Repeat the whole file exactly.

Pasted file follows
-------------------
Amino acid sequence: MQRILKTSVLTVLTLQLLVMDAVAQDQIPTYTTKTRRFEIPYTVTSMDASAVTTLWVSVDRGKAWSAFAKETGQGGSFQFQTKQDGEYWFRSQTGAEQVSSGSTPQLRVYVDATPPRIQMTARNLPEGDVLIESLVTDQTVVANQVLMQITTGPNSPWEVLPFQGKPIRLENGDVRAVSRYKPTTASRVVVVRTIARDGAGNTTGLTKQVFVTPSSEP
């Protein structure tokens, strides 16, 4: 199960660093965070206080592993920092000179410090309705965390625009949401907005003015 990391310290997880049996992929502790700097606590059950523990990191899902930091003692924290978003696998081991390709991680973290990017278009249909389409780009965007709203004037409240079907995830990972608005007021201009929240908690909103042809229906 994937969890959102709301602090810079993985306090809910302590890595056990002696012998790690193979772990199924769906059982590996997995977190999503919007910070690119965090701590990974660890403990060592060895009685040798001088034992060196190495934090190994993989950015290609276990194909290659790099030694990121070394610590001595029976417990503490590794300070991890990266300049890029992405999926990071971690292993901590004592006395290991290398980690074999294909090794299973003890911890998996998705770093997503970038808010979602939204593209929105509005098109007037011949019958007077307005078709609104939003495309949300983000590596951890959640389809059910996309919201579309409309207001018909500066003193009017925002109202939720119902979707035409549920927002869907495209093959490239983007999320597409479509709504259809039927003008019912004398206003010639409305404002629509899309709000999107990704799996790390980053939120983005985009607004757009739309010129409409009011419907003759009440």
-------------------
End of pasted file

Amino acid sequence: MQRILKTSVLTVLTLQLLVMDAVAQDQIPTYTTKTRRFEIPYTVTSMDASAVTTLWVSVDRGKAWSAFAKETGQGGSFQFQTKQDGEYWFRSQTGAEQVSSGSTPQLRVYVDATPPRIQMTARNLPEGDVLIESLVTDQTVVANQVLMQITTGPNSPWEVLPFQGKPIRLENGDVRAVSRYKPTTASRVVVVRTIARDGAGNTTGLTKQVFVTPSSEP
């Protein structure tokens, strides 16, 4: 199960660093965070206080592993920092000179410090309705965390625009949401907005003015 990391310290997880049996992929502790700097606590059950523990990191899902930091003692924290978003696998081991390709991680973290990017278009249909389409780009965007709203004037409240079907995830990972608005007021201009929240908690909103042809229906 994937969890959102709301602090810079993985306090809910302590890595056990002696012998790690193979772990199924769906059982590996997995977190999503919007910070690119965090701590990974660890403990060592060895009685040798001088034992060196190495934090190994993989950015290609276990194909290659790099030694990121070394610590001595029976417990503490590794300070991890990266300049890029992405999926990071971690292993901590004592006395290991290398980690074999294909090794299973003890911890998996998705770093997503970038808010979602939204593209929105509005098109007037011949019958007077307005078709609104939003495309949300983000590596951890959640389809059910996309919201579309409309207001018909500066003193009017925002109202939720119902979707035409549920927002869907495209093959490239983007999320597409479509709504259809039927003008019912004398206003010639409305404002629509899309709000999107990704799996790390980053939120983005985009607004757009739309010129409409009011419907003759009440």